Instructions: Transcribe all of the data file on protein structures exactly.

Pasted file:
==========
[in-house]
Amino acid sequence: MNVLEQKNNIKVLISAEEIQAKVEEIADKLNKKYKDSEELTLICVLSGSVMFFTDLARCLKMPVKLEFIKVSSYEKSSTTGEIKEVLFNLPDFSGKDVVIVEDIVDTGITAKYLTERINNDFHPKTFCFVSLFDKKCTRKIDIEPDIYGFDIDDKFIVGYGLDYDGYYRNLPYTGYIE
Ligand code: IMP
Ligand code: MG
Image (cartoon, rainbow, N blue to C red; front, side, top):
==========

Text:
[in-house]
Amino acid sequence: MNVLEQKNNIKVLISAEEIQAKVEEIADKLNKKYKDSEELTLICVLSGSVMFFTDLARCLKMPVKLEFIKVSSYEKSSTTGEIKEVLFNLPDFSGKDVVIVEDIVDTGITAKYLTERINNDFHPKTFCFVSLFDKKCTRKIDIEPDIYGFDIDDKFIVGYGLDYDGYYRNLPYTGYIE
Ligand code: IMP
Ligand code: MG
Image (cartoon, rainbow, N blue to C red; front, side, top):